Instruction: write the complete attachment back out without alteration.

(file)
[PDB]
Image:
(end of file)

[PDB]
Image: